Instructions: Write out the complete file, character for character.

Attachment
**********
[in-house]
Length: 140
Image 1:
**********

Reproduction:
[in-house]
Length: 140
Image 1: